Challenge and Impact: Huntington's disease (HD) is a fatal inherited neurodegenerative disease, and all
cases are caused by CAG trinucleotide repeat expansions in the huntingtin gene. There are currently no
curative therapeutics for HD, and thus there is a critical need for the development of new therapeutic targets.
Striatal medium spiny neurons (MSNs) are thought to be the most affected neuronal cell type in HD, but it is
still not fully understood how huntingtin mutation leads to neuronal cell death in general or MSNs in particular.
Mutant Huntingtin protein (mHTT) is expressed fairly ubiquitously, suggesting that MSNs possess vulnerability
factors or else lack protective factors. If these factors were known, they would advance mechanistic
understanding and point to new HD therapeutic targets. One prominent hypothesis is that huntingtin mutation
leads to a toxic gain-of-function dysregulation of gene expression. Many studies have used gene expression
profiling to study transcriptional dysregulation and its mechanistic basis in HD, but to date these studies have
been limited by anatomical cellular intermixing and thus have not detected genome-wide MSN cell type-
specific changes to gene expression due to signal averaging across cell types. However, such data are
necessary to fully understand whether transcriptional dysregulation is causative or a consequence of mutant
Huntingtin (mHTT) toxicity, and whether MSNs possess distinct vulnerability factors or lack protective factors
either intrinsically or in response to mHTT. The studies outlined in this proposal will advance mechanistic
understanding and point to new therapeutic targets for HD.
Approach: To perform cell type-specific gene expression studies, we have begun to apply the translating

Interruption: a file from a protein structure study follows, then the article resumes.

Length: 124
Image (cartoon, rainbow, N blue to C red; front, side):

ribosome affinity purification (TRAP) methodology to the study of mouse models of HD. TRAP reports on the
cell type-specific translatome, by allowing cell type-specific translated mRNA immunoprecipitation. Our
preliminary HD model TRAP studies have identified a large number of previously uncharacterized changes to
mRNA translation at an early, pre-symptomatic HD mouse model timepoint, and point to early dysregulation of
forkhead box O1, Foxo1, transcription factor activity in MSNs in response to mHTT. In Aim1, we will perform
cell type-specific TRAP analyses to investigate pre- and post-symptomatic gene expression changes in mouse
models of HD to examine whether MSNs possess distinct HD vulnerability factors or lack HD protective factors
either intrinsically or in response to mHTT. In Aim 2 we will determine the cell type-specific phosphorylation
status, subcellular localization, and transcriptional targets of Foxo1 in MSNs, and how these are altered in HD
model mice. In Aim 3 we will test the phenotypic effects of Foxo1 loss and overexpression in wildtype mice
and HD model mice. If successful, the results of this aim will demonstrate a role for Foxo1 in causing
enhanced vulnerability to mHTT, and thus provide proof-of-principle data that points to a novel therapeutic
target pathway for HD.